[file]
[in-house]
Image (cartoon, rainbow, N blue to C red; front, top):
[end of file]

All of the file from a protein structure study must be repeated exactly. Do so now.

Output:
[in-house]
Image (cartoon, rainbow, N blue to C red; front, top):